Christmas went high tech years ago. Between overly involved light shows and fake snow for event spaces, artificially enhancing the season is old hat. It’s particularly noticeable, though, when it comes to one of the holiday’s oldest and most natural traditions: the tree.
Of all the holiday traditions, the one that is most important to me is cutting down your own damn tree. All the sad souls in the chain-link-fenced lots surveying their “options” are truly depressing. Here is the proper ranking of Christmas tree acquisition experiences:
- Getting a permit, walking out into the woods, and cutting down a tree
- Going to a farm and cutting down a tree
- Then there’s entering the lots
- But even beneath going to the cement lots in downtowns and at the sides of freeways is something worse: buying an artificial Christmas tree
When I picture fake trees, I immediately see a white one that used to sit in a childhood friend’s home. It was so shiny and un-tree-like that you could have called it a Christmas cone. But not all fake trees are created equally depressing. There are your drug store creations, spiky and absolutely the wrong shade of green, and then there is the new wave of very accurate artificial trees. If you think about this for just a second, you realize it’s basically the addition of a middleman, because we already have trees that just make themselves — but now there is a whole operation that makes them from scratch. This isn’t to say there haven’t been vast improvements to what look to me like giant, green pipe cleaners. Maybe they can compete with the real thing.
Take, for example, Balsam Hill, the Lexus of artificial-tree makers. The high-tech fake Christmas trees are made to look, feel, smell, and “act” like actual trees. Balsam Hill’s founder, Thomas Harman, grew up with real trees in his home during the holidays, but needed a different solution later in life because of an allergic brother-in-law. Nothing on the market looked real enough, though, so Harman made his own, founding the company in 2006. The branches are molded and designed to look as realistic as possible; the branch tips are even asymmetrical so they don’t have that perfect-fake look. Balsam Hill uses something called “true needle technology” so that the needles look as accurate as real foliage.
(Let that sink in for one second, and then look at these fake tree needles, which do, in fact, look a lot like regular needles. If you added a pine-scented candle to your home, it would be almost like the real thing.)
The trees are highly realistic and the lights are as close to incandescents as you can get on an indoor tree.
Then there’s the installation: Setting up older artificial trees, as I understand it, is not particularly fun — also, “setting up a tree” is not a natural thing to do, so right away it sounds confusing. But Balsam Hill has patented technology that lets pieces slip together more easily.
These trees are not cheap. The Balsam Hill 30-foot Rockefeller Pine costs $19,999 (it’s on sale for $10,999, though). The cheapest version of the Rockefeller the company offers (a 15-footer) will run you $2,199. Jennifer Faulkner, a representative for the company, says an average 7.5-foot tree with all the latest technology will run $1,200 to $1,300. What lights you choose and how tricked out you decide to get your tree will change the price, of course. Balsam Hill’s trees are also famous. They adorn the sets of Ellen, The Doctors, Rachael Ray, Today, and other shows.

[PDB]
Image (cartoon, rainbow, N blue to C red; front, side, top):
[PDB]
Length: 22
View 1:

Maybe, despite the celebrity endorsements, those prices sound a little steep to you, but you still don’t want to go outside and get a real tree. (Are you afraid of spiders?) Fret not: There are other highly realistic almost-trees that are still costly, but a little less so. Tree Classics’ Real Feel Needle trees have also come a long way from artificial trees of the past. Company representative Tamara Kelly says the branch tips are molded to look accurate, and they are easier to store and set up. “Many of today’s artificial trees last longer and cost less to light because they use LEDs rather than incandescent lights,” she says.
Tree Classics’ trees range from $99.99 to $1369.99 (at least if they’re on sale — otherwise they can run up to $3,299).
Here’s the thing: The benefits of getting an artificial are (I guess?) ease of use and saving money in the long run. But according to the National Christmas Tree Association, the average cost of a real tree last year was $50.82. So even if you went midrange on a Tree Classics tree, say a $600 option, you wouldn’t save any money for quite a few years.
OK, but maybe none of this matters to you: It’s not about the money, and the fact that we are backward-engineering plastic to look like nature because you want something that is almost real but not real-real doesn’t strike you as strange. If the lure of a high-tech, longer-lasting tree still intrigues you, let’s talk about how they’re made and what they’re made out of.
“The trees are made in China from polyethylene,” says Tree Classics’ Kelly. “It’s a plastic that allows Tree Classics to mold the needles into shapes that resemble real tree branches. It also makes them feel real to the touch, versus feeling like shredded plastic or a toilet brush.” Balsam Hill also said most of its trees are made in China, which contributes to a larger carbon footprint for artificial trees made in and shipped from the country — versus real trees, which, as you may know, are made here. When I called Hugh Whaley at the National Christmas Tree Association to chat with him about real versus fake trees (as you might have guessed, Whaley is staunchly anti-fake-tree), I told him about one of Balsam Hill’s $4,000 models. He was aghast. “I can’t imagine or fathom someone spending that much money for a tree,” said Whaley. (Same.)
I think despite artificial-tree advancements, I will continue risking the spiders. But to each their own.